Yet the broadcasting environment has changed beyond recognition in those 31 years. The competition we face has grown dramatically and with the launch of digital transmission it will become even more intense.
So the question for ITV is how to preserve a market-leading position when the market is in not so much flux, as convulsion. It's a scale of change that provokes fundamental reappraisal - with no taboos. After 31 years, of course, there are strong views and deeply held personal preferences and I wouldn't want it any other way. The fact that the Prime Minister should express a point of view on the scheduling of a TV programme signifies the saliency of ITV in our culture. But the question now facing us is a bigger one than the scheduling of particular programmes - it's how to preserve that saliency in a new broadcasting era.
First, a few facts to concentrate the mind:
l Between 1994 and 1997, ITV's peak time share declined from 44.3 per cent to 38.8 per cent.
l The 9.30pm-10pm segment is the biggest half hour in British television. Any competitive broadcaster must make the most of the inheritance from this peak volume of viewers. Yet from January to May this year, 27 per cent of the audience tuned to ITV in this peak segment tuned out at 10pm; that's nearly three times as much as the percentage drop for total television viewing. Thirty-seven per cent of our younger viewers defected at the same time.
l This is not because News at Ten is not a good programme. In my view it is by some way the best news programme on television, but viewers' behaviour suggests that the appetite for news at 10pm is not as great as for other forms of programming.
No decent business would ignore this kind of loss, especially when faced with an explosion in competition. Feisty and decisive management action is needed, even if it costs us some friends in the short term. ITV's economy is a simple one. Large, high-quality audiences beget advertising revenue. Advertising revenue enables future investment in quality programmes, which beget large and high-quality audiences.
Allow the audiences to drift away and the cycle would become a spiral. We have a strong public service remit, monitored by the ITC, which costs money to fulfil - more than pounds 800m in 1998, pounds 750m of it in originally home- produced programmes.
Allow the spiral to begin, and ITV's ability to sustain that kind of investment will cease.
By opening up a 10pm weekday slot, we can inject new vigour and variety into our schedule by effectively extending our peak time. There is, of course, a cost to this which is being borne by our shareholders as an investment in the future market position of ITV.
It's a calculated risk. We are a commercial network, so we do have responsibilities to the many people whose pensions are invested in ITV companies, but the good news is that their interests are not at odds with those of the viewer.
This is because advertisers - our customers - don't want to buy "lowest- common-denominator" audiences; so we have no commercial interest in supplying sheer volume of numbers at the expense of the composition of our audience. Our commercial imperative is in fact to push ITV upmarket and to appeal to younger, discerning viewers. There is no commercial benefit whatsoever in moving downmarket.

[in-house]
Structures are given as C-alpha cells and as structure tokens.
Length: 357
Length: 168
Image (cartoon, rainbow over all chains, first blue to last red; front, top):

Most Independent readers get home after 6.30pm. But for the audience across the country there is a proven appetite for news in the early evening. This is where the highest-rating news programme of the day is currently sited. So, far from marginalising our news service, our plan to move it to 6.30pm will take it into the fray, to where more people appear to want to watch it. And journalistically the 11pm bulletin will be a more comprehensive round-up and analysis of the full day in Parliament (90 per cent of divisions have occurred by 11pm, compared to 68 per cent by 10pm), the full US business day and even the opening of the Eastern markets - increasingly relevant.
But to understand ITV's proposals it's necessary to get beyond the argument as it relates exclusively to News at Ten. It is not particularly about uninterrupted films, though it's fair to say that ITV duty officers receive many more complaints on these nights than on the occasions when we shift the news.
The proposed change in the architecture of the schedule opens up the late evening for new, high-quality programmes, including the hour-long current affairs programme commissioned last week from Granada Television and planned for transmission in 1999.
This will be made in conjunction with ITN and anchored by Trevor McDonald, the country's favourite newsman. It will be supplemented by a stream of 60-minute documentaries commissioned for 10pm, and comedy and drama from new writers more appropriate for a later evening slot.
ITV is a regionally based television channel. We're proud of that and consider it to be a competitive advantage in these days of increasingly similar national channel launches. 29 versions of ITV cater daily for individual regional interests and this will not change.
Broadcasting must be the most competitive market in the UK. All our competitors, including the BBC, have the flexibility to adapt their schedules to compete as they see fit. I hope it is not unreasonable to request the same degree of flexibility in the interests of a vibrant ITV. The end of News at Ten does, I agree, mark the end of an era. But eras end, and commercial organisations that fail to notice, end too.
Richard Eyre is chief executive of ITVReuse content